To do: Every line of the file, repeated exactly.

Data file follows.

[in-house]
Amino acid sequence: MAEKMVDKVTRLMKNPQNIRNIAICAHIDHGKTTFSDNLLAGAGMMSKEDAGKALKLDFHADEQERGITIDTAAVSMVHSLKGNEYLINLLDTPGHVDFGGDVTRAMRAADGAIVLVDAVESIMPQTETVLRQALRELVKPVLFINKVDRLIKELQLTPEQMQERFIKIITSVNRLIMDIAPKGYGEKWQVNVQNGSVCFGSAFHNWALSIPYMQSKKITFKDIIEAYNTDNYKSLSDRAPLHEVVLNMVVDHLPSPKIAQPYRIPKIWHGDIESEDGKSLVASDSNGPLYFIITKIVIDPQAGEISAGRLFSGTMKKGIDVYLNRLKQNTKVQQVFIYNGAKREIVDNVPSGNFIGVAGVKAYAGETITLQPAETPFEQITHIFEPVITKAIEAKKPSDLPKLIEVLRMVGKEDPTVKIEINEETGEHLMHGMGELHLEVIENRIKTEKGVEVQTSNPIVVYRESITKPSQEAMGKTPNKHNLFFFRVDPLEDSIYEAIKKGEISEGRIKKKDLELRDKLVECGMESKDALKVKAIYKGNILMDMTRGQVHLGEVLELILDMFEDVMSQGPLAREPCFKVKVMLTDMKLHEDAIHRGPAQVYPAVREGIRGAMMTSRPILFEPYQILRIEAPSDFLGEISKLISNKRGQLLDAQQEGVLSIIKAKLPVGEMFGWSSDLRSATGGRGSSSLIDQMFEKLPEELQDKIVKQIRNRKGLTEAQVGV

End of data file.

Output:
[in-house]
Amino acid sequence: MAEKMVDKVTRLMKNPQNIRNIAICAHIDHGKTTFSDNLLAGAGMMSKEDAGKALKLDFHADEQERGITIDTAAVSMVHSLKGNEYLINLLDTPGHVDFGGDVTRAMRAADGAIVLVDAVESIMPQTETVLRQALRELVKPVLFINKVDRLIKELQLTPEQMQERFIKIITSVNRLIMDIAPKGYGEKWQVNVQNGSVCFGSAFHNWALSIPYMQSKKITFKDIIEAYNTDNYKSLSDRAPLHEVVLNMVVDHLPSPKIAQPYRIPKIWHGDIESEDGKSLVASDSNGPLYFIITKIVIDPQAGEISAGRLFSGTMKKGIDVYLNRLKQNTKVQQVFIYNGAKREIVDNVPSGNFIGVAGVKAYAGETITLQPAETPFEQITHIFEPVITKAIEAKKPSDLPKLIEVLRMVGKEDPTVKIEINEETGEHLMHGMGELHLEVIENRIKTEKGVEVQTSNPIVVYRESITKPSQEAMGKTPNKHNLFFFRVDPLEDSIYEAIKKGEISEGRIKKKDLELRDKLVECGMESKDALKVKAIYKGNILMDMTRGQVHLGEVLELILDMFEDVMSQGPLAREPCFKVKVMLTDMKLHEDAIHRGPAQVYPAVREGIRGAMMTSRPILFEPYQILRIEAPSDFLGEISKLISNKRGQLLDAQQEGVLSIIKAKLPVGEMFGWSSDLRSATGGRGSSSLIDQMFEKLPEELQDKIVKQIRNRKGLTEAQVGV